Teacher holding some books whilst kids do their work in the background. Symbolises initial teacher training

8 Teacher Training Application Tips

ITT providers are frequently asked the question ‘What makes a good teacher training application?’

While the passion and enthusiasm will need to come from you, here are eight simple tips to make sure you can sidestep some potentially tricky areas:

1. Know your stuff!

It really is worth doing your research thoroughly.

You wouldn’t apply for a job without investigating what makes a particular employer unique – the same applies for your ITT application!

Make sure you understand your chosen provider- whether this is a University, a SCITT or another route into teaching.

Ensure you understand what is unique and distinctive about their programme – are they a local provider, catering to a small and diverse community?

Or are you particularly attracted by a focus on the Early Years for example?

Careful research helps both you and your provider to make the right choice.

2. Talk about why you want to teach

ITT providers receive lots of applications.

When sifting through these, they are looking to see your passion and commitment shine through – facts are important of course, but we also need to know about the primary school teacher who changed your perspective on reading, or that moment during work experience when you knew you wanted to become a Mathematics teacher!

3. Experience is useful – use it!

ITT providers will be looking for applicants who have some experience with young people, even if not in the classroom.

Experience can range from being a teaching assistant in your local school to running a children’s dance club to teaching English in China.

However – nothing can match the experience of being in a classroom like being in a classroom!

If you can, aim to get some classroom experience.

This not only allows you to strengthen your application, but gives you the opportunity to decide if being around a class of lively 5 years olds all day long is the right choice for you!

It is certainly worth approaching your local schools to ask if they will allow you some observation experience.

If you’ve got the relevant experience, it is crucial that you show it off – give concrete examples of what you have learned and the new skills you have begun to develop.

4. Positivity!

This is such an important point one. Positivity is crucial – particularly at interview.

For example –  if you’re changing career, don’t say that you’re tired of your current job or you think teaching will be easier (I have been told this countless times during the application process by candidates!).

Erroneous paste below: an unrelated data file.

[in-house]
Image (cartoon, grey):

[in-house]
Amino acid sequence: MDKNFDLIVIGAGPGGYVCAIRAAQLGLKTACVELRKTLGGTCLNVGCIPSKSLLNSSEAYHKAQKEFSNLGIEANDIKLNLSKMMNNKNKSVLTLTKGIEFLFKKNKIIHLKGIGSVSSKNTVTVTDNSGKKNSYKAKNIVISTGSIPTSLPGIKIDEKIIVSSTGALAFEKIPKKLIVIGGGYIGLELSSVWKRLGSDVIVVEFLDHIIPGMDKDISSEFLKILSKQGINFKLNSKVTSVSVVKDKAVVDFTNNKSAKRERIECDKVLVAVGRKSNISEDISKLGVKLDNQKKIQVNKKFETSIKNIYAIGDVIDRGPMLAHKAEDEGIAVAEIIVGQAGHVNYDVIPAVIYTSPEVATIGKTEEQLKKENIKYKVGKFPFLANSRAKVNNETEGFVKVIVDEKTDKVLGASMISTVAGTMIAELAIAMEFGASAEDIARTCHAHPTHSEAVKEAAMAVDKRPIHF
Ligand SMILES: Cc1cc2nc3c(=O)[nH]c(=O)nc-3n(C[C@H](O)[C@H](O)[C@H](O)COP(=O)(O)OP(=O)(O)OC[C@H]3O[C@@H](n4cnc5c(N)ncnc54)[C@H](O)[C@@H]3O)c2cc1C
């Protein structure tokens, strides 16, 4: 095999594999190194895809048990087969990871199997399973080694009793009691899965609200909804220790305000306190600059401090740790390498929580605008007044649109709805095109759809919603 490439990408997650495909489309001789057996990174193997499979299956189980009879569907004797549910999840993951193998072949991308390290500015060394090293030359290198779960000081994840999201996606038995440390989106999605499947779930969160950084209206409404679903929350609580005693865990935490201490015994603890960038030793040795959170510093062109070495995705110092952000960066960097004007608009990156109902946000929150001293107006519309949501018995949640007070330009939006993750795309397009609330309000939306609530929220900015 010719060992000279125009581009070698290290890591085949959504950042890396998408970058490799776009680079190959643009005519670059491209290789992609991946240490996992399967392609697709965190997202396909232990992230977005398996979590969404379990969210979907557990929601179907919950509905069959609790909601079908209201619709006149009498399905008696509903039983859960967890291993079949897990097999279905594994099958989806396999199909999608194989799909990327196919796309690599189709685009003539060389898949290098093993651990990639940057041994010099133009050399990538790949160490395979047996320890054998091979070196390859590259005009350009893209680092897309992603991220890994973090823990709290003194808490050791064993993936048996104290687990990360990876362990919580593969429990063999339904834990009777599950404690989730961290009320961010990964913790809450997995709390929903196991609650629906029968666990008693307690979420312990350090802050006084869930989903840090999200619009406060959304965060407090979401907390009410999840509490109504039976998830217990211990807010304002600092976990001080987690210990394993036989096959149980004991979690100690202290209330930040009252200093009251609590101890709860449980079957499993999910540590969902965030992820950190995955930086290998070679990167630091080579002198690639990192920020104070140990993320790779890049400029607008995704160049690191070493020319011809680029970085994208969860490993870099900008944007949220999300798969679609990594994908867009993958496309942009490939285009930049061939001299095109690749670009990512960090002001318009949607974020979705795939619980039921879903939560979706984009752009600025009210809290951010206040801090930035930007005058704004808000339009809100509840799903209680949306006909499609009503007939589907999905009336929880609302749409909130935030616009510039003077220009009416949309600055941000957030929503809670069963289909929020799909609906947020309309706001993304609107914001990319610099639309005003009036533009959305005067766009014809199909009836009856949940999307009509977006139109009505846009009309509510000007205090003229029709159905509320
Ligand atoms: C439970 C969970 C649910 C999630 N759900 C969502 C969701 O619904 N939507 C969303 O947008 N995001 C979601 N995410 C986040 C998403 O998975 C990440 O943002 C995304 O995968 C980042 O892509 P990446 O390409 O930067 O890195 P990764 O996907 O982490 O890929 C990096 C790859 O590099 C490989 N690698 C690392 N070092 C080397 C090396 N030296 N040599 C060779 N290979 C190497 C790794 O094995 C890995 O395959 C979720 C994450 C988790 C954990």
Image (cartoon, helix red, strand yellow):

Instead, be positive about what you’ve learned through your life experiences so far, and turn them around to show why now is the right time for you to become a teacher.

5. Are you eligible?

Really important – do make sure you’re eligible.

You don’t want to waste your time applying to a programme for which you don’t have the qualifications.

Entrance criteria can be found on UCAS.

You will need to ensure you have all of your certificates ready to show your provider – it is definitely worth checking you have all of these before you begin the process!

 6. Referee

Consider whom you select as your referee.  

Requesting a reference from your part-time bar job from 10 years ago will not only prove difficult for you (your manager may have left or have only a vague idea of the details of your performance) but it won’t give the ITT provider an up to date idea of your quality as a potential trainee.

If you’re a graduate, make sure one referee is a relevant university contact, such as your tutor, and for career changers, use a manager from your current or most recent job.

7. Be current

Ask any teacher – education is a fast-paced and ever-changing world!

Gain some understanding and insight into the wider picture of education in our current climate by subscribing to magazines such as the TES (Times Educational Supplement).

Understand your subject area and some of the key issues within it: for example, if you are applying for a Primary post, what is your understanding of Systematic Synthetic Phonics?

Such currency can prove extremely valuable should you be selected for interview.

8. Spelling and Grammar

Finally, make sure your writing is up to scratch!

There’s nothing worse than an application being let down because of poor spelling, punctuation or grammar.

If you aren’t confident – ask someone to help you.

Your quality of writing will be under scrutiny because you will be teaching these same things to young people, whatever age phase or subject you focus upon.

Don’t fall at the first hurdle!